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Thread: Table Saw Alignment

  1. #1
    Join Date
    Jul 2017
    Location
    Lancaster, PA
    Posts
    68

    Table Saw Alignment

    Hey all,

    I am getting more comfortable using my new table saw in my shop. I bought a used Steel City 3HP last year, and finally got around to getting it all setup and dialed in.

    My order of operations of dialing in has been:

    Miter > blade
    Blade > fence
    Square up fence to 90
    Align fence tape measure marker

    My question (which I know will be opinion based) is what do YOU consider close enough? Right now my miter and fence are within a thousandth of an inch according to my dial indicator.

  2. #2
    Join Date
    Oct 2014
    Location
    Pittsburgh, PA
    Posts
    153
    If my math is right, being out by 0.001 from the blade to the fence, it means your actual angle is like 89.99 (assuming a 10" blade), and also means you're looking at about 1/100 inches over an 8 foot rip. I think most would agree that's well below what's meaningful for woodworking.

  3. #3
    Join Date
    Sep 2016
    Location
    Modesto, CA, USA
    Posts
    7,587
    I understand that 1/1000 of an inch is the minimum the human eye can see as no being the same. So you are plenty close enough. I have read 0.003 is fine.
    Bill D

  4. #4
    Join Date
    Sep 2019
    Location
    Lafayette, CA
    Posts
    724
    Depending on what you’re building, if you’re willing to true up the last thou with a hand plane, your power tool is more than sufficiently set up.

  5. #5
    Join Date
    Feb 2003
    Location
    McKean, PA
    Posts
    14,331
    Quote Originally Posted by Scott Winter View Post
    Hey all,

    I am getting more comfortable using my new table saw in my shop. I bought a used Steel City 3HP last year, and finally got around to getting it all setup and dialed in.

    My order of operations of dialing in has been:

    Miter > blade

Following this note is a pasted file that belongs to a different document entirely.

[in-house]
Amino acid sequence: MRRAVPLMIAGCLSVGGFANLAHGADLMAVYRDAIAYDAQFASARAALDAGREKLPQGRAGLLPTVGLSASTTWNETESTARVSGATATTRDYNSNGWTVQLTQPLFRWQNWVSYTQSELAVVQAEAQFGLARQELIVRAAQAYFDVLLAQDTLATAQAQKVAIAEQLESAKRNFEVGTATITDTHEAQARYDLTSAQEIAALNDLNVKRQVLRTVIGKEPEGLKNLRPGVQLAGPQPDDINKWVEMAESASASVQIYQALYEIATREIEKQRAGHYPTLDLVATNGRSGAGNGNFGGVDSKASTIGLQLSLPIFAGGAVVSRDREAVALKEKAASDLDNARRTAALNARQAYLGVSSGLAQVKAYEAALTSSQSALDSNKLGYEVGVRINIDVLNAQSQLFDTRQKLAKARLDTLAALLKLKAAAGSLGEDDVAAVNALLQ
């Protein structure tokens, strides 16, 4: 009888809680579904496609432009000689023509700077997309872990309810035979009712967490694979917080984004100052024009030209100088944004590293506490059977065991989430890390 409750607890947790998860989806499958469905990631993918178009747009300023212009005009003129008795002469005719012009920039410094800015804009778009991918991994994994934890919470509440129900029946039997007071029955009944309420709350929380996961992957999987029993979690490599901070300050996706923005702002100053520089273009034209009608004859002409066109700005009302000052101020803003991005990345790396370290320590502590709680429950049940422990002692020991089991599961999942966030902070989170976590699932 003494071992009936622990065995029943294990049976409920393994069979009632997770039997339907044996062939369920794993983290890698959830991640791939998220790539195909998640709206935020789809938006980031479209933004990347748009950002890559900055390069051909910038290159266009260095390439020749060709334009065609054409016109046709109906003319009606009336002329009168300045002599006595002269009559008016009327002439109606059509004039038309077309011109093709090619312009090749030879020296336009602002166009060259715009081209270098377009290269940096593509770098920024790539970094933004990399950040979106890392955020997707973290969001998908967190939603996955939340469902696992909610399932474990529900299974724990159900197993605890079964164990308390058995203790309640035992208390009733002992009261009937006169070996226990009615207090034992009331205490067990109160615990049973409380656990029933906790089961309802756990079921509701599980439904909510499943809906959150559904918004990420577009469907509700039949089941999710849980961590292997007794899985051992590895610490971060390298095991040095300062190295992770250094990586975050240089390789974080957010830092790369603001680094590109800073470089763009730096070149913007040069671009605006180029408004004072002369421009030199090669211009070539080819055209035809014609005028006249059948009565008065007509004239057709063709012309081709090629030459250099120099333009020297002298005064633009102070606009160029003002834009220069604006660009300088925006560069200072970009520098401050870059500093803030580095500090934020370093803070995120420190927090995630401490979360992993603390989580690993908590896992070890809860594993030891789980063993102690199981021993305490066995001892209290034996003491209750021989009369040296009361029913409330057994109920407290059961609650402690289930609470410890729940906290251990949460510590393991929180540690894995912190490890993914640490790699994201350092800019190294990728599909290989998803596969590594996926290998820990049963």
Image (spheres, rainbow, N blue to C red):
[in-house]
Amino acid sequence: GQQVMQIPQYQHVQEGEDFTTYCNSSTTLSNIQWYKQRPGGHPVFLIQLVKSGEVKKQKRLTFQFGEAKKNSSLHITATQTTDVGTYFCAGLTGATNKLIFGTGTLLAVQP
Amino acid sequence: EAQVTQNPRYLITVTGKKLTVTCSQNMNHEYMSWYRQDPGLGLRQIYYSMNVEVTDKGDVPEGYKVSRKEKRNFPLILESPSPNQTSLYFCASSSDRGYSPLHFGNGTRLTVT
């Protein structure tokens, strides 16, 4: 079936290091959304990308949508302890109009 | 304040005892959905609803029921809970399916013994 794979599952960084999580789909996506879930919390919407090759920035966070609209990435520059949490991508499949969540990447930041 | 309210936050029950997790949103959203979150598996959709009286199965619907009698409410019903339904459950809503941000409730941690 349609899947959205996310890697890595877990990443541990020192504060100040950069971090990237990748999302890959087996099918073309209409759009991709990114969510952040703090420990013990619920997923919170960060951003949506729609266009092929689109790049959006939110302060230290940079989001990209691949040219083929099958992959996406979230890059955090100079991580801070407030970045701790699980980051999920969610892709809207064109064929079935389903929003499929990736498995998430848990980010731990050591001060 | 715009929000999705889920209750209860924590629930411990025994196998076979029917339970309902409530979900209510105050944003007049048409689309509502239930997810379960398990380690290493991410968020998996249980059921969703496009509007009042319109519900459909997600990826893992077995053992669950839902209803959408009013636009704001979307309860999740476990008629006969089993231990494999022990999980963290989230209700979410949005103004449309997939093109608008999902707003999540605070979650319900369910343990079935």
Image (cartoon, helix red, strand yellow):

Blade > fence
    Square up fence to 90
    Align fence tape measure marker

    My question (which I know will be opinion based) is what do YOU consider close enough? Right now my miter and fence are within a thousandth of an inch according to my dial indicator.
    When I align my older Craftsman cast iron table saw, I align the blade to the left miter slot. Then I align the fence to the same miter slot with the dial indicator mounted on my miter gauge. I have eliminated the side to side play of the miter bar in the miter slot to less than 0.0005 with some UHMW tape applied to the side of the miter bar. I can generally get my blade within 0.001 or less using the same spot on the blade plate for blade alignment. I can also get my fence within 0.001 when checked at the front and rear of the table, though there are a couple of variations in the face of the fence that are greater than that.
    Lee Schierer
    Captain USN(Ret)

    My advice, comments and suggestions are free, but it costs money to run the site. If you found something of value here please give a little something back by becoming a contributor! Please Contribute

  6. #6
    Join Date
    Mar 2006
    Location
    SoCal
    Posts
    21,816
    Blog Entries
    1
    I just helped my SIL this morning setup a used saw he bought. For a cabinet mounted trunnion machine I align the left slot (table) to the blade at 90 degrees and at 45 degrees before I put the wings and fence rails on. I then set the wings level and adjust the fence parallel with the same left slot. Original Biesemeyer Commercial fences are set perpendicular to the table via aligning the font rail / tube pair that the fence rides on. I shoot for .001" on everything but the fence face. Depending on the material there can be irregularities of .005" or more along the length. I shoot for averages .
    Take me to the hotel - Baggage gone, oh well . . .

  7. #7
    Join Date
    Dec 2006
    Location
    Warwick, RI
    Posts
    670
    This reminds me that I need to realign my table saw as well. I was ripping stock the other day and the wood was coming away from the fence as I was cutting. I bought the saw used and never trued it up. It's time. Can't think of the number but it's a very nice Rigid with cast iron wings and a fantastic fence. It's a little underpowered but that never bothered me.

  8. #8
    Another vote for aligning both the blade and fence to the miter slot. Choosing a single reference point reduces the margin of error.

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